moves << moves_index[move]
      end
    end
    moves_index
  end
end

games     = []
is_header = false
is_score  = false

File.open("jemptymethod.pgn") do |file|
  while (line = file.gets)
    if !line.chomp.empty?
      if !is_score && !is_header
        game = Game.new
      end
      if line[0,1] == '['
        is_header = true
        game.header << line
      else
        is_score = true
        game.score << line
      end
    elsif is_score
      is_score = false
      is_header = false
      games << game
    end
  end
end

puts "# Games: " + games.length.to_s
first_moves = {}

#the following output should essentially be lossless
#with the possible exception of beginning or ending newlines
#
#puts gm.header + "\n"
#puts gm.score + "\n"
games.each do |gm|
  if !first_moves.has_key?(gm.first_move)
    first_moves[gm.first_move] = 1
  else
    first_moves[gm.first_move] += 1
  end
end

# sorting hashes by value: http://nhw.pl/wp/2007/06/11/sorting-hash-by-values
first_moves.sort{|a,b| -1*(a[1]<=>b[1])}.each{|k,v|
  puts "1. #{k} occurred #{v} times" 
}
share|improve this answer
    
I accept this one because it produces the same output as my original program. –  George Jempty Dec 21 '09 at 12:13

Here's a quick solution to how I would do this. There may be a lot to digest in here, so feel free to ask questions, but reading the Ruby Array or Enumerable documentation should answer most of them about some of things I did, and there's tons of good tutorials on ruby classes. Here's a good one for understanding the accessors I used in the class here instead of the struct.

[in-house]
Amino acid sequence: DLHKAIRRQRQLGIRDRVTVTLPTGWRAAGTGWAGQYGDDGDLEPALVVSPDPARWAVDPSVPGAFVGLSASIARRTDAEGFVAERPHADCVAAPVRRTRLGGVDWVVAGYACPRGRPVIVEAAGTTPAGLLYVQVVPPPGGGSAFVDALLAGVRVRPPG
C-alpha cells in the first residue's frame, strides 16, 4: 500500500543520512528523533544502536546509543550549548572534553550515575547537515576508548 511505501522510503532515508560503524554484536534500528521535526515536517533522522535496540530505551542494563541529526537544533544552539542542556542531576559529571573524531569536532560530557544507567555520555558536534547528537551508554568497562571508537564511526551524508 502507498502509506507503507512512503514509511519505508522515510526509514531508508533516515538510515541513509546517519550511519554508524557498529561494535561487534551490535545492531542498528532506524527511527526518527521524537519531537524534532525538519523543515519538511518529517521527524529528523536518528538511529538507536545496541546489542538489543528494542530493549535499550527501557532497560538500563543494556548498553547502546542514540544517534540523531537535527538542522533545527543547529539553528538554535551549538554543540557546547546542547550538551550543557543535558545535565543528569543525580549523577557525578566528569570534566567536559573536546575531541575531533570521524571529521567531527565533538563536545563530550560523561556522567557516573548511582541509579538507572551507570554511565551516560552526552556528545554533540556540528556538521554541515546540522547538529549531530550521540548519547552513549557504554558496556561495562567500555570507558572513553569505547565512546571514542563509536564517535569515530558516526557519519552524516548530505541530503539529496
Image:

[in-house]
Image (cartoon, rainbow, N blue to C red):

class Game
  attr_accessor :header, :moves
  def initialize
    self.header = []
  end
end

games = []
game = Game.new
File.open('jemptymethod.pgn').each_line do |line|
  next if line.chomp.empty?
  if game.moves
    games << game
    game = Game.new
  end
  if /^\[/.match(line)
    game.header << line
  else
    moves = line.split(/\d+\.\s*/) # splitting on the move numbers so that we don't have to iterate through to remove them
    moves.shift # getting rid of first empty move since the split on '1. ' created an array element before the '1. '
    game.moves = moves
  end
end
games << game # add last game since the first part of the file loop doesn't execute again to do it

puts "# Games: " + games.length.to_s

first_moves = games.map {|game| game.moves[0]} # Could easily iterate over the size of the longest game to get other moves (eg second move, etc)
first_moves_count = first_moves.inject(Hash.new(0)) {|h, move| h[move] += 1; h} # Read ruby documentation on inject to see how this works
first_moves_count.each do |move, count|
  puts "1. #{move} occurred #{count} times"
end
share|improve this answer

Your Answer

 
discard

By posting your answer, you agree to the privacy policy and terms of service.

Not the answer you're looking for? Browse other questions tagged or ask your own question.